For more on Bruno, see Frances Yates, Giordano Bruno and the Hermetic Tradition. Quite a bit of the book can be found at Googlebooks.

Also see Frances Yates, 'The Religious Policy of Giordano Bruno', [ ]

Sunday, December 02, 2012

Show your support for a Free and Open Internet

    Some world governments want to increase censorship and regulate the internet. The decisions will be taken in a closed door meeting. Join together and keep the Internet free from government regulated censorship. Visit this link for more info.

Monday, October 08, 2012

Prajapati Obscenity Trial (Supreme Court Verdict)

Lady Chatterley's Lover in Japan

This is the judgement on the case of translation and publication of LADY CHATTERLEY'S LOVER in Japan. In 1950, the editor Kyujiro Koyama and the translator Sei Ito were accused of obscenity for the translation, publication and distribution of this novel. The prosecutor insisted that twelve passages in the book were obscene to the general public and therefore its public viewing constituted a crime under Article 175 of the Penal Code. On the other hand, the accused maintained that the interpretation of the Penal Code given by the prosecutor was flawed and unconstitutional. After a series of disputes at the Tokyo High Court, the case was finally taken to the Supreme Court in 1957. On 13 March of that year, the Supreme Court rejected any appeals made by the accused and backed the accusations made by the prosecution that the twelve passages at issue infected the whole book with obscenity arguing that "the description of the sex acts contained therein at twelve passages, as pointed out by the prosecutor, is all too bold, detailed, and realistic"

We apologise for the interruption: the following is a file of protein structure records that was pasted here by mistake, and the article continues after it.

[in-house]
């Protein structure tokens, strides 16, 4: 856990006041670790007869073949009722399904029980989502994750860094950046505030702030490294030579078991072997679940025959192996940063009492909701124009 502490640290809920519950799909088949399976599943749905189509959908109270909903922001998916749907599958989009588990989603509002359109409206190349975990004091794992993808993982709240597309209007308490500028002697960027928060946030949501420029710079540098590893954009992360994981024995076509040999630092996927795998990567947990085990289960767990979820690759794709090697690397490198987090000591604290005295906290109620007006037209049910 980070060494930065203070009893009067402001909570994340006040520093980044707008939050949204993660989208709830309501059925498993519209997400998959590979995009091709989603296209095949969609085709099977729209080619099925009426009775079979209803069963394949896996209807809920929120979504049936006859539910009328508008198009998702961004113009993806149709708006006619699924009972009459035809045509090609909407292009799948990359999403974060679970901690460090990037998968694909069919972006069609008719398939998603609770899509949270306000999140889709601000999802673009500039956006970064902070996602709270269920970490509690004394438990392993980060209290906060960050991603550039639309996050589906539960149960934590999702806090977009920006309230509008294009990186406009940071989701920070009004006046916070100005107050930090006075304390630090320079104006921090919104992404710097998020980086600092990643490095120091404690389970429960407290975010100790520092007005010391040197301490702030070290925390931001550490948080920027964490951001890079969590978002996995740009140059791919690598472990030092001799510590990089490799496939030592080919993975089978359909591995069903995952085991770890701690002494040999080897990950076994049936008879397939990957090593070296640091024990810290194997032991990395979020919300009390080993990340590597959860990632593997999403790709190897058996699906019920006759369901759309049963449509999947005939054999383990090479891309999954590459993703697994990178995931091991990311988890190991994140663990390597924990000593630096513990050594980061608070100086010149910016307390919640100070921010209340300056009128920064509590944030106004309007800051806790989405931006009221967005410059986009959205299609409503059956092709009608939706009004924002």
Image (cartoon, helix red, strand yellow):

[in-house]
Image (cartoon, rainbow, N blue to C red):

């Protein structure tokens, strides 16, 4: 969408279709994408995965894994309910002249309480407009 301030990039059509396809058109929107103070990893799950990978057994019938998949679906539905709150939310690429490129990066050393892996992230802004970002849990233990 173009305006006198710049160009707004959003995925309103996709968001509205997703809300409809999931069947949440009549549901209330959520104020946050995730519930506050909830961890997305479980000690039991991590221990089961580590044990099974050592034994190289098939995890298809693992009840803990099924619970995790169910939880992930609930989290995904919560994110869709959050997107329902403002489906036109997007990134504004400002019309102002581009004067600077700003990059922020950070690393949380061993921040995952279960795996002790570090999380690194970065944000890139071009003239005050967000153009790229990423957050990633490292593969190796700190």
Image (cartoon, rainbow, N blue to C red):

Saturday, July 14, 2012

Book on War-crime likely to be banned in Pakistan

The book "A Stranger in my own Country East Pakistan, 1969-1971" written by Late Major General Khadim Hussain Raja and published by OUP, Pakistan has caused an uproar in the Pakistan government. The book has reportedly brought to light the war-crimes and genocides performed by the Pakistan army under the command of General A.A.K Niazi during the Bangladesh Liberation War.
The book was published according to the last wishes of the author expressed to his family as he feared that publication of the book during his lifetime may put his life at risk.
Reports indicate that Pakistan government is trying everything it can to ban the book in the country. The book hasn't made its way into Indian markets yet and doesn't looks like it will.
I don't know whether we will get to see another government "sponsored" book-burning in this 21st century but we should try to get hold of a copy, if possible, before the last wishes of the author gets wiped out from the face of the earth.
Useful link:

Tuesday, July 10, 2012

The Obama "Joker" Poster

Firas Alkhateeb, an American citizen of Palestinian origin designed and uploaded the Obama "joker" poster on Flickr in January 2009. Described by 'The Guardian' as "America's first successful use of street art", the poster has been a symbol for anti-Obama protests. Following media coverage, Flickr deleted all the available digital posters and the forums discussing it. This action was met by severe backlash which caused Flickr to change their Copyright Infringement Policy. As a result of Flickr removing the image, some online communities viewed Alkhateeb as the most visible representative of free speech on the internet in August 2009.
Details of the poster controversy are available at